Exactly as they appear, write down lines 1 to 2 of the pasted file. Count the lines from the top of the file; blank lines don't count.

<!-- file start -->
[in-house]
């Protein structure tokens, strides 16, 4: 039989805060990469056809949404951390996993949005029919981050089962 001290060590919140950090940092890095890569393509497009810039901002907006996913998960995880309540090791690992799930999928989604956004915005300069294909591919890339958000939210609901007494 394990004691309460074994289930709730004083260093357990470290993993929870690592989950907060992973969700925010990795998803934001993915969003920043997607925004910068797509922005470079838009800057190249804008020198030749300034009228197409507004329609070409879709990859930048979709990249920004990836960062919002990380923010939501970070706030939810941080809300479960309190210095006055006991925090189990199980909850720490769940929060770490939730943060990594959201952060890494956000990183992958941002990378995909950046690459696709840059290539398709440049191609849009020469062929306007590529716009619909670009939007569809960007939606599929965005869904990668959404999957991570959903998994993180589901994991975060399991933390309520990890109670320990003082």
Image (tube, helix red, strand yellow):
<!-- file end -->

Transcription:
[in-house]
């Protein structure tokens, strides 16, 4: 039989805060990469056809949404951390996993949005029919981050089962 001290060590919140950090940092890095890569393509497009810039901002907006996913998960995880309540090791690992799930999928989604956004915005300069294909591919890339958000939210609901007494 394990004691309460074994289930709730004083260093357990470290993993929870690592989950907060992973969700925010990795998803934001993915969003920043997607925004910068797509922005470079838009800057190249804008020198030749300034009228197409507004329609070409879709990859930048979709990249920004990836960062919002990380923010939501970070706030939810941080809300479960309190210095006055006991925090189990199980909850720490769940929060770490939730943060990594959201952060890494956000990183992958941002990378995909950046690459696709840059290539398709440049191609849009020469062929306007590529716009619909670009939007569809960007939606599929965005869904990668959404999957991570959903998994993180589901994991975060399991933390309520990890109670320990003082």